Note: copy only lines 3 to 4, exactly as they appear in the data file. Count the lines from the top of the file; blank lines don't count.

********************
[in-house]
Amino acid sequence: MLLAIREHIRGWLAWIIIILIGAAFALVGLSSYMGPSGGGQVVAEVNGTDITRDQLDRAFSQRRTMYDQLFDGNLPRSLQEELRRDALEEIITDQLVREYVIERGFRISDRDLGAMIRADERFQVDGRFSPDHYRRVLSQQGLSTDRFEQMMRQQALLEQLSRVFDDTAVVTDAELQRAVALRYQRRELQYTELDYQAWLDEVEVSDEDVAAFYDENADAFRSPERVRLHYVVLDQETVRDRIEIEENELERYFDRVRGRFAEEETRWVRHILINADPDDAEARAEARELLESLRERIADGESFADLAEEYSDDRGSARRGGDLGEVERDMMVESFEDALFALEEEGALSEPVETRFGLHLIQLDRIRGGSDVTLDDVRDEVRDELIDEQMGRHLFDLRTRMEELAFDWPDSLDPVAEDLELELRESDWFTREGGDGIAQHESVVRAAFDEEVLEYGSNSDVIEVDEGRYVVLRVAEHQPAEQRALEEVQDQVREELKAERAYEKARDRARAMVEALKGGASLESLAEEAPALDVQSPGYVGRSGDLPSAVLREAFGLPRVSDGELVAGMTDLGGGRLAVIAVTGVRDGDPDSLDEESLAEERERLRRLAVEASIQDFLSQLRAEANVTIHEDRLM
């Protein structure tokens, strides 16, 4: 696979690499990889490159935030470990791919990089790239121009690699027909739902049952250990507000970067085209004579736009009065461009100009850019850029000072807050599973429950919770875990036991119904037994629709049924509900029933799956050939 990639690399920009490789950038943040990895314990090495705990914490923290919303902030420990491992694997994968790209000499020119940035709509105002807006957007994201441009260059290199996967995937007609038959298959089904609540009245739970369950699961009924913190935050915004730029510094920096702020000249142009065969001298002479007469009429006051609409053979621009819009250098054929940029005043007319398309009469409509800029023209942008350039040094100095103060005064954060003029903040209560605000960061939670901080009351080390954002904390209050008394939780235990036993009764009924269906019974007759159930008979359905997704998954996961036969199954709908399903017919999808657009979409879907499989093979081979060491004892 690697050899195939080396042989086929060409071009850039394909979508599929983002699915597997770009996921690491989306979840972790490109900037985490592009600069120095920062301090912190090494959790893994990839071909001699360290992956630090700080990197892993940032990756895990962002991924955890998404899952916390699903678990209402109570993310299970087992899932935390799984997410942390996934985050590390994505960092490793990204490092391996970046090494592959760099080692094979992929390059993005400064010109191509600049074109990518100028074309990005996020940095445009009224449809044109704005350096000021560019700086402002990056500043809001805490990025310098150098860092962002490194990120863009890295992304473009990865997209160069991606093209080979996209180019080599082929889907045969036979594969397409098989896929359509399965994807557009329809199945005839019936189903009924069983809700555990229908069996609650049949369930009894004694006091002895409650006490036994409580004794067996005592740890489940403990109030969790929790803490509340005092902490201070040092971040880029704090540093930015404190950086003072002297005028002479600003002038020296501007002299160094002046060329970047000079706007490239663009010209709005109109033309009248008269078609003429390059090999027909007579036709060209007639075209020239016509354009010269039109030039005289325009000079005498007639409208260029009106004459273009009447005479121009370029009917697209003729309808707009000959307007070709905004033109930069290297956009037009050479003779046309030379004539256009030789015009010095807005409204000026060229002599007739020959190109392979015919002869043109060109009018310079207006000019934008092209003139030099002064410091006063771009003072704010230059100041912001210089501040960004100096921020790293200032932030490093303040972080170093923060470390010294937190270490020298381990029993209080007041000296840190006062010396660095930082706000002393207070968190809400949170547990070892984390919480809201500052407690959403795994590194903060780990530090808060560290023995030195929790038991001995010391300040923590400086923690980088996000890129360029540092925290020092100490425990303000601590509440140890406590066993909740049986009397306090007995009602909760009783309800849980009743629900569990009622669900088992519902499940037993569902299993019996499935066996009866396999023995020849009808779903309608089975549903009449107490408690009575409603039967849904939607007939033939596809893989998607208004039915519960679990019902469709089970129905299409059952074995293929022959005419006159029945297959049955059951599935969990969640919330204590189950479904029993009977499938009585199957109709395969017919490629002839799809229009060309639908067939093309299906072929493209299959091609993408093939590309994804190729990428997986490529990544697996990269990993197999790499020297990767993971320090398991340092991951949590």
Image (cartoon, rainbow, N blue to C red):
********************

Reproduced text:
């Protein structure tokens, strides 16, 4: 696979690499990889490159935030470990791919990089790239121009690699027909739902049952250990507000970067085209004579736009009065461009100009850019850029000072807050599973429950919770875990036991119904037994629709049924509900029933799956050939 990639690399920009490789950038943040990895314990090495705990914490923290919303902030420990491992694997994968790209000499020119940035709509105002807006957007994201441009260059290199996967995937007609038959298959089904609540009245739970369950699961009924913190935050915004730029510094920096702020000249142009065969001298002479007469009429006051609409053979621009819009250098054929940029005043007319398309009469409509800029023209942008350039040094100095103060005064954060003029903040209560605000960061939670901080009351080390954002904390209050008394939780235990036993009764009924269906019974007759159930008979359905997704998954996961036969199954709908399903017919999808657009979409879907499989093979081979060491004892 690697050899195939080396042989086929060409071009850039394909979508599929983002699915597997770009996921690491989306979840972790490109900037985490592009600069120095920062301090912190090494959790893994990839071909001699360290992956630090700080990197892993940032990756895990962002991924955890998404899952916390699903678990209402109570993310299970087992899932935390799984997410942390996934985050590390994505960092490793990204490092391996970046090494592959760099080692094979992929390059993005400064010109191509600049074109990518100028074309990005996020940095445009009224449809044109704005350096000021560019700086402002990056500043809001805490990025310098150098860092962002490194990120863009890295992304473009990865997209160069991606093209080979996209180019080599082929889907045969036979594969397409098989896929359509399965994807557009329809199945005839019936189903009924069983809700555990229908069996609650049949369930009894004694006091002895409650006490036994409580004794067996005592740890489940403990109030969790929790803490509340005092902490201070040092971040880029704090540093930015404190950086003072002297005028002479600003002038020296501007002299160094002046060329970047000079706007490239663009010209709005109109033309009248008269078609003429390059090999027909007579036709060209007639075209020239016509354009010269039109030039005289325009000079005498007639409208260029009106004459273009009447005479121009370029009917697209003729309808707009000959307007070709905004033109930069290297956009037009050479003779046309030379004539256009030789015009010095807005409204000026060229002599007739020959190109392979015919002869043109060109009018310079207006000019934008092209003139030099002064410091006063771009003072704010230059100041912001210089501040960004100096921020790293200032932030490093303040972080170093923060470390010294937190270490020298381990029993209080007041000296840190006062010396660095930082706000002393207070968190809400949170547990070892984390919480809201500052407690959403795994590194903060780990530090808060560290023995030195929790038991001995010391300040923590400086923690980088996000890129360029540092925290020092100490425990303000601590509440140890406590066993909740049986009397306090007995009602909760009783309800849980009743629900569990009622669900088992519902499940037993569902299993019996499935066996009866396999023995020849009808779903309608089975549903009449107490408690009575409603039967849904939607007939033939596809893989998607208004039915519960679990019902469709089970129905299409059952074995293929022959005419006159029945297959049955059951599935969990969640919330204590189950479904029993009977499938009585199957109709395969017919490629002839799809229009060309639908067939093309299906072929493209299959091609993408093939590309994804190729990428997986490529990544697996990269990993197999790499020297990767993971320090398991340092991951949590």
Image (cartoon, rainbow, N blue to C red):